Topaz confesses to ordering 'revenge' assaults
Television personality Dudu Topaz confessed yesterday to allegations of his involvement in recent attacks against leading figures in the television and entertainment industries.
After three days of questioning and two days at the Abu Kabir detention facility in Tel Aviv, Topaz told investigators of his involvement in attacks against Reshet television executive Shira Margalit two weeks ago, against Keshet television CEO Avi Nir last November and against entertainment agent Boaz Ben-Zion about six months ago. He also implicated his neighbor, Daniel Zenko, and two other men. The two others, Suleiman Hiadra, 33, and Ayman Zabidat, 22, allegedly carried out the attack on Margalit.
Topaz's confession came after investigators told him that he was facing hours of interrogation including a face-to-face confrontation with Zenko. Topaz was also given access to newspapers featuring detailed coverage of his case. During the course of the interrogation that followed, the police repeatedly told Topaz that they had all the eyewitness testimony they needed to indict him.
After four and a half hours of questioning, Topaz finally broke: "Enough," he said, "It's hard for me. I want to get it out of me. I asked Zenko to arrange the attacks. I don't have a rational explanation why I did it. They didn't want me on television and I decided to take revenge." He added that he was very sorry for what he had done.
At about 6 P.M. yesterday, attorneys for Topaz, Zion Amir and Guy Shemer, met with the entertainer, who told them that he had confessed to his role in the assaults. On leaving police headquarters, the lawyers refused to state what their legal strategy in the case would be. Even before the confession by Topaz, police sources said there was enough evidence for an indictment against him and against Zabidat and Hiadra, who are accused of physically committing assault. Following the confession by Topaz, the police said indictments against those in detention may come as early as next week. Charges are expected to include conspiracy to commit a crime, aggravated assault and obstruction of justice.
Lawyers for Zabidat and Hiadra said the confession by Topaz alone is not sufficient to prove their clients' alleged role in the case.
Questions are also being raised as to whether director Ilan Shushan had advance knowledge of Topaz's alleged intention to arrange the assaults. Shushan is a close friend of Topaz who, over the past half year, made a documentary about Topaz for Reshet, the Channel 2 television franchisee. Filming took place during the same period in which the assaults were committed. Police sources have said that raw footage from the documentary may shed light on at least some of the details regarding Topaz's alleged involvement. Police are expected to seek to review the footage to examine statements that Topaz made for the documentary. They say the footage would have been key evidence absent Topaz's confession, and that Shushan could be investigated as an accessory in the case if he knew about alleged plans to commit assaults and failed to act to prevent them.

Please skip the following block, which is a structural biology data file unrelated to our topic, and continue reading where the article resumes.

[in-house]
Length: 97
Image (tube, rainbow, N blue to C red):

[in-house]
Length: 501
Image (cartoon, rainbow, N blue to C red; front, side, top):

Reaction to the confession by Topaz ranged from total astonishment on the part of his friends and associates to a sense of relief on the part of his alleged victims. Earlier in the week when the case first surfaced, several of his friends had expressed their full confidence in Topaz's innocence. Following the confession, it was difficult to get a reaction from those who know him.
Musician Yossi Sidi, who has worked with Topaz for over 20 years, said: "I am in total shock. It sounds totally mad to me. I don't want to respond and don't know how to respond to this."
The prosecution in the case will have a range of criminal offenses to consider relating to bodily harm, if it is decided to file charges against Topaz. Based on published accounts of the case, criminal lawyer David Yiftach says possible charges include assault causing actual bodily harm, which is punishable by up to three years in prison. If, as police suspect, the case involves an assault committed by two or more people, there could be grounds for the charge of aggravated assault and a six-year prison term. The law provides up to seven years in jail for causing serious bodily harm, and up to 14 years for serious bodily harm under aggravated circumstances involving two or more assailants or if committed with a weapon.
The most serious criminal provision involving attacks is causing bodily injury with aggravated intent, for which imprisonment of up to 20 years can be imposed, but conviction involves proof of intent to cause disability, deformity or serious injury. Based upon the allegations against Topaz, conspiracy charges may also be considered. In order to avoid criminal responsibility based on a defendant's mental state, it would be necessary to show that the defendant could not distinguish between right and wrong and did not know that his acts were against the law.